The reader has to decide whether or not this man has done away with the duchess, still behind the curtain with that passionate glance, perhaps showing her true nature? Or did she die in sorrow, informing the artist to paint that spot of joy in defiance of her pretentious jealous husband? My Last Duchess is written in iambic pentameter, that is, the lines have five iambic feet within usually ten syllables. The majority of the lines are pure iambic pentameter, bringing a steady rhythm and beat, but punctuation plays a major role in altering this from time to time.
Sign in or sign up and post using a HubPages Network account. Comments are not for promoting your articles or other sites. Foremost i'd like to say kudos for the work well done however i have a problem on the issue of fra pandoff's part of m,aybe flattering the duchess i dont really understand the line her mantle laps over my lady's wrist too much My Last Duchess is a dark but great poem, one of several Browning wrote on the nature of relationships between male and female. Appreciate your visit Ann. This brings up so many issues, doesn't it?
The arrogance of the man certainly comes across, as does the sinister tone and hint of what might have happened to his wife. You analyse well and educate us with your knowledge and insight, Andrew. I always come away better informed from these hubs of yours. Thank you. Some useful information from the West Coast, thank you. Browning's monologue shows how the rhythms with punctuation in place can create tension, reveal thought patterns, exploit pauses and so on.
Appreciate the visit, many thanks. Browning's poem is a marvel. He gets inside Ferrera's mind, takes the reader one way then the other. Let's put it this way,I wouldn't want to marry the guy! I remember studying this poem in school very well. Thanks for sharing your analysis, Andrew. I enjoyed reading the article and thinking about the poem again. I've read through this twice and still need to review it once again.
So much material and so well presented. You are truly the master of Poetic Analysis. Hey Andrew, yes, Hannawalt does draw some from Chaucer, and quote his lines throughout her book, but she prefers non-literary sources, she says, because Chaucer's work, "being a "higher" type of literary output, And also that his work had already been drawn from heavily for social evidence.
But I'm not even familiar with Chaucer's work, unlike yourself, I'm sure. I did read the rest of your analysis now, impressive! I'm keenly interested in the metrical analysis which you have beautifully decocted and deciphered. Should I, or not? It does have a dark side. And there's little light relief. But your obscure and fascinating book title reminded me of Chaucer's Wife of Bath, who was as strong a woman as you could wish for, gave as good as she got, and emerged from 4 or was it 5 marriages?
Yes, the battle of the sexes still rages on, the balance still not equal, tipping one way then t'other. Appreciate your visit. Andrew this is amazing work! I have to study it, just got through the introduction, will comment later may take awhile. Just a note on women's equality through history, there was a time, earlier in medieval England when a peasant woman had more equality, or at least her needs were accommodated through manorial courts and wills, I've read.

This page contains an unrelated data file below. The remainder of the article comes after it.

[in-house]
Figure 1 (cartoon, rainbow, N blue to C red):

- Search form.
- A Clinicians Guide to Helping Children Cope and Cooperate with Medical Care.
- More by Robert Browning.
- Méditations poétiques (French Edition).
- La luce (Italian Edition);
- Damn him (Damn him Too).
A widow could own and inherit property, enter into contracts, and in some cases determine how property would be divided amongst her heirs. Hanawalt, Oxford University Press, a little obscure reading for a long winter's night. Other product and company names shown may be trademarks of their respective owners.
My Last Duchess
HubPages and Hubbers authors may earn revenue on this page based on affiliate relationships and advertisements with partners including Amazon, Google, and others. HubPages Inc, a part of Maven Inc. As a user in the EEA, your approval is needed on a few things.
To provide a better website experience, owlcation. Please choose which areas of our service you consent to our doing so. Andrew Spacey more. Robert Browning and My Last Duchess My Last Duchess is a dramatic monologue set in Renaissance Italy early 16th century and conveys the opinions of a wealthy noble man as he shows a marriage broker, an emissary, a painting of his late wife, 'my last duchess '.
He is variously described as: a devious, arrogant, materialistic aristocrat; an innocent, loving but profoundly vain soul; a malevolent, twisted murderer; a psychopathic, narcissistic, name-dropping killer. My Last Duchess is a fictional account of one man's attempt to explain away a picture behind curtains and by so doing convince himself and the emissary of the truth. But the truth could well be one extended lie - the duke being a pathological liar - an excuse for the continuation of control over his unfortunate first wife.
Browning's genius lies in his ability to keep the reader on the tightrope of uncertainty. Throughout the ambiguous monologue there is no moral judgement made; the audacious nature of the duke isn't questioned, we don't know if he's creating more untruths by pretending to reveal the truth.